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Performance Artist - Skye Shadowlight.

Updated: Mar 21, 2021

Skye Shadowlight is a Performance Artist and Writer, who draws inspiration from the characters she has met in her life and uses this as a way of re-telling the story back to the audience. As a performer, Skye is powerful, strong showing a vulnerable and gentle side when needed for the character and story she is telling. Having gone through being Homeless and experiencing many obstacles along the way, Skye keeps on producing amazing pieces of work that have appeared at our Inter-Arts Festival and Beyond. Read the interview below.

What is your background ? And when did you first start creating art ?

Wow, now you’re asking. My background is being poor white trash from a small town in Texas. I first started creating art when I took my first breath. Welcome to the fucked up world 1974.

You use your life experiences in a lot of your work, describe the process you go through and how you navigate difficult memories from your past, to produce the performance art you create?

It’s just something that I feel I have to do. I am not sure how I would work through things if I didn’t have art to put it into context and to literally work through it and reframe into something that I can cope with.

Character is key in a lot of your pieces. How do you build a character and how long does it take, until you are comfortable with playing something you have created?

Characters are all based on people I have known or lots of people I have met throughout the years. Some characters are easier to play than others. I like the idea that I can become people, particularly abusers from my past, because then I can control what they do. I can decide how they speak or talk, what they say, and whether or not they might be sorry or want redemption.

Describe what artist you are?

I am an artist who never realised that they were an artist until one day it just hit me. I make things and people connect with it and me. Art is my form of communication.

Your early years were difficult, living on the streets and finding your way through. What did you learn ? And how are you using this now? What would you say to yourself as a teenager, from your perspective?

I learned that we are all broken in some way and that people are inherently good. I met more people who wanted to help me and protect me on the streets than the ones who did me harm. I use this now to help myself negotiate my way through life, trying to get services and support for my autistic daughter. I would tell teenage self that you will live past 20 and you will be able to love and find love, just hold on.

Is creating opportunities difficult to perform and showcase your work? Do people understand your work or do you have to explain it?

Being able to show work on a bigger scale away from our arty little town is tough. I have a lot of feedback from my work and my talks and performances. I think people understand it on a human level. I have had people in tears because of how the work made them feel. It’s those times that I realise how powerful art can be.

In the Inter-Arts, Festival of Childhood you presented Shade School and at the end of your powerful and incredible performance, audience members stayed and talked to you instantly on how your performance and subject matter moved them. Does this happen a lot? And does this act as confirmation that what you are doing is transformative and has an effect on people?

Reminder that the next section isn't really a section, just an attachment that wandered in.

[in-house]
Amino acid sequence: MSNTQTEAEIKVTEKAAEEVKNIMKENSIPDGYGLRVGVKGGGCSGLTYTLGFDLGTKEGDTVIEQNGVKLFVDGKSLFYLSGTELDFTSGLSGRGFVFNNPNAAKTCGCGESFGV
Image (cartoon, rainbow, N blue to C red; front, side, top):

Yes, people always talk to me after my artist talks and performances. Like I said it is my way to connect with the world. Being neurodivergent, I have always struggled with not fitting in and feeling like an outsider. Art and connection with people is really important for me. It’s my way of being part of the bigger picture. I never go as far as to think my work is transformative, I guess that takes a leap into someone else’s mind, which I would struggle doing. I just like that people seem to be moved by it. I care about them and their experiences with my work.

What are you working on for Invisible Made Visible?

I’m not exactly sure. I created a character in lockdown, but I am not sure he is right for it. I would probably like to make some more work about hidden disability.

How has covid effected you and your work?

At first, I was like “No big deal, we are isolated anyway”, but as time has gone on, it is really getting to me. I just want to go to Japan! A trip we had booked last year and probably won’t get to take until 2022 (hopefully) to see the cherry blossoms!! My work is stagnating, all though today I am feeling a bit inspired to make something.

What are your plans for the future in general?

UH… I have ADHD. My plans changed from the time I woke up 2 hours ago until now. I have about 3 different sets of plans I might choose from today…

What is your favourite piece to perform ?

I would say my favourite to perform is probably my Bubba character. I become a man who once put a gun in my Momma’s mouth and I tell the story of his childhood where he wanted to be an astronaut, but kids from the trailer park weren’t never gonna be no astronauts. It’s an exploration of how he became the man that he did. Not an excuse. It’s my search for a reason.

Please add anything more you wish to say here..

Well, Since I’ve got you all here I would just like to say, Thanks for reading my interview. I would love to connect and talk about art when things open back up. Let’s have a chai tea from Llhamo’s and just be us

This interview is part of the Inter-Arts Festival #celebratingwomeneverywhere series connected to the Month of March and #iwd

Click here to connect to Skye or email us here on if you would like to book Skye for a talk or workshop.



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